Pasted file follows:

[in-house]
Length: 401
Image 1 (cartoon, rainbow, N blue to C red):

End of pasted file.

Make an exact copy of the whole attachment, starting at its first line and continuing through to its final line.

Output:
[in-house]
Length: 401
Image 1 (cartoon, rainbow, N blue to C red):